Part of the authenticity involves telling students my reasoning for assignments and for responses to their questions. I have found myself more willing to tell students why I hesitate to offer an answer when they ask a question that I find frustrating–usually it is a question that I think is trying to bypass the project of thinking I am asking of them. Part of what I mean by authenticity is more transparency. I don’t feel that my authority depends on hiding my purposes. I’m still trying to get my head around exactly what this involves, but I feel differently in the classroom because I don’t feel like my success depends on portraying a certain image of myself. Maybe I care less what they think of me. I did stop wearing heels this semester.**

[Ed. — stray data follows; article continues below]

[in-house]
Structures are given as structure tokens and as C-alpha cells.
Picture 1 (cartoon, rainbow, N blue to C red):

Getting Clearer about Expectations
I attended a pedagogy workshop put on by the American Association of Philosophy Teachers at Indiana University the first weekend of last semester. One of the guiding principles of the workshop was that inclusive pedagogy requires professors to be as clear as possible about their expectations to students. The argument is that first-generation college students often lack some of the knowledge about what is expected in college that other students have, but faculty can make up for this lack by being explicit about the goals and expectations of each assignment.
I found this useful as much for preparing assignments as I did for helping students better understand what I wanted from them. I started to include a table at the top of my assignments, which I borrowed from Alida Liberman, one of the facilitators of the workshop and faculty at University of Indianapolis. The table includes Goals, Activities and Assessment.